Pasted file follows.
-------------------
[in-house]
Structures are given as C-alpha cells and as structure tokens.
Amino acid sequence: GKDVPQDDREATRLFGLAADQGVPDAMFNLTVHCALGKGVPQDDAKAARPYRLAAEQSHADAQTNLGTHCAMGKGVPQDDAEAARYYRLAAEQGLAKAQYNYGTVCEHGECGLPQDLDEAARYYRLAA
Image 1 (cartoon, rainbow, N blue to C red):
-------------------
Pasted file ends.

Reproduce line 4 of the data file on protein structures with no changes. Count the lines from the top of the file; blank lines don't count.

Image 1 (cartoon, rainbow, N blue to C red):